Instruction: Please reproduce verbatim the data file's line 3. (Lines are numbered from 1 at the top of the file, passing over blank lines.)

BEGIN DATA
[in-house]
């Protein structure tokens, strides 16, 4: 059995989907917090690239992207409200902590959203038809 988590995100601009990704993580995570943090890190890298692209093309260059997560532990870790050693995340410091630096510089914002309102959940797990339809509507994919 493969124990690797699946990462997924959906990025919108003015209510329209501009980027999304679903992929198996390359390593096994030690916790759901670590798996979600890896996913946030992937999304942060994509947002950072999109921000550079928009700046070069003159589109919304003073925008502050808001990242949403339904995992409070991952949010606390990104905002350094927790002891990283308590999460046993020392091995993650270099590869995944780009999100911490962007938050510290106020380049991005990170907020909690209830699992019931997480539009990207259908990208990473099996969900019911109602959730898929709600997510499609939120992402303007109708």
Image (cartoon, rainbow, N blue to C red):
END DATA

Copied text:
Image (cartoon, rainbow, N blue to C red):